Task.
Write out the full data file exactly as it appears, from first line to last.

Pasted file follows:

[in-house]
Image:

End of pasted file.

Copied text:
[in-house]
Image: